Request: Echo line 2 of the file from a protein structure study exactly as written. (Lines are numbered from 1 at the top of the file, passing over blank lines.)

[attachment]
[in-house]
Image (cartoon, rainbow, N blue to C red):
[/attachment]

Image (cartoon, rainbow, N blue to C red):